Why the Pulitzers Didn’t Name a Winner in Editorial Cartooning

From a story on poynter.org by Angela Fu headlined “The Pulitzers didn’t name a winner in editorial cartooning. That’s unusual but not unprecedented.”:

For the first time in 48 years, the Pulitzer Prize Board chose not to name a winner in Editorial Cartooning — a decision some are calling an insult to all cartoonists.

The Pulitzer Prizes announced Friday that Ken Fisher, drawing as Ruben Bolling; Lalo Alcaraz; and Marty Two Bulls Sr. were finalists in Editorial Cartooning. Winners were named in all 14 other journalism categories.

Alcaraz, who was also a Pulitzer finalist last year, was preparing for a work Zoom call when he got a text that read, “You got robbed.” Other messages poured in as he tried to figure out what had happened.

“I had to tell the folks on the Zoom, ‘You know, I’m trying to confirm if I am a finalist on the Pulitzer, but I think there’s no award. So I don’t know what to say right now, so excuse me if I’m a little out of sorts here,’” Alcaraz said….

It is fairly unusual — but not unprecedented — for the Pulitzer Board to decide not to name a winner in one of its journalism categories. Since 2000, the board has chosen not to give an award five times. No awards were given in Feature Writing in 2014, Editorial Writing in 2012, Breaking News Reporting in 2011, Editorial Writing in 2008 and Feature Writing in 2004.

These scenarios happen if a finalist doesn’t receive a majority vote among the 18 board members. For each Pulitzer category, a group of judges sift through all the submissions and pick three unranked finalists as well as three alternates. Those six pieces then go to the Pulitzer Prize Board, which discusses the entries. At least 10 board members must vote for a finalist for it to be named as a winner.

Immediately after the announcement, cartoonists criticized the board’s decision. Two Bulls drew his response in a cartoon for The Washington Post. The Association of American Editorial Cartoonists released a statement calling the decision a “pointed rejection.”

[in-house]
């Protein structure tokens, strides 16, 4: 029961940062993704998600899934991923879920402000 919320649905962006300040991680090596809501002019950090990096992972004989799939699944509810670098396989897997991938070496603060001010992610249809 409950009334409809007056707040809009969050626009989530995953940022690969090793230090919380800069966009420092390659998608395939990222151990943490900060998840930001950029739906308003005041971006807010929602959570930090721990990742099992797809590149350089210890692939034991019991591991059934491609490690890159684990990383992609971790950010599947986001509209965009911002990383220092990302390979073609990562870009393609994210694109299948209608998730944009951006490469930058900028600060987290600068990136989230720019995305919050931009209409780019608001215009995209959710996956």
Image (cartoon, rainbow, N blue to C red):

“We are mystified by the pointed rejection of talented Finalists as well as the many other artists who have been creating powerful work in these most eventful and challenging of times,” the statement reads. “The medium of editorial cartooning has been evolving for many years now, yet the Pulitzer Board remains extremely traditional and narrow-minded in its tastes, apparently uncomfortable with contemporary trends in opinion cartooning and comic art.”…

Bolling learned that he was a finalist while attending his daughter’s high school graduation ceremony. He was already emotional from the day’s events, and the Pulitzer news left him stunned and moved….

Bolling said he is ambivalent towards awards in general — though he is honored to have been named a Pulitzer finalist. He has won some awards and lost many more, and he has never felt that he deserved anything.

“I feel like judges make a subjective determination, and everyone moves on. So I’ve never once complained about any award or even felt the impulse to,” Bolling said. “But this feels different. This feels like it’s an insult to the entire profession.”

Pulitzer Prizes are awarded for work done in the previous calendar year. Alcaraz pointed out that 2020 was a particularly newsworthy year, each day bringing new stories about politics, upheaval and the pandemic. The decision not to award a winner gave the impression that the board didn’t think the profession’s commentary last year was “valid,” Alcaraz said.

In his work last year, Alcaraz tried to cover the concerns of the Latino community, touching on everything from culture to immigration to economics. He wanted to bring a front-line perspective to a larger mainstream audience. But he felt that the Pulitzer Board had just disregarded his work.

“The three finalists this year were a Jewish man; me, a Chicano artist, a Mexican American cartoonist; and a Native American cartoonist,” Alcaraz said. “Pick any of us, and it would have made a statement against the tide of hate and racism … in this country. But nah. They tossed it.”…

Both Alcaraz and Bolling hope the board addresses the issue before next year. Though Alcaraz said he plans on submitting his work for consideration again in the future, Bolling said he is unsure.

“I think that if I could ever get a statement that the Pulitzer Board will never give me the prize, I think that was made clear this year,” said Bolling, who was also a finalist in 2019. “They would rather throw it in the garbage … than give me the award or any of my colleagues.”

Angela Fu is a freelance reporter based in Birmingham, Ala. and a contributor to Poynter.org.

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